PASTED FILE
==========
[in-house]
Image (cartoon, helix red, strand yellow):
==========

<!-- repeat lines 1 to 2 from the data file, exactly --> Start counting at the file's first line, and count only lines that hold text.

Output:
[in-house]
Image (cartoon, helix red, strand yellow):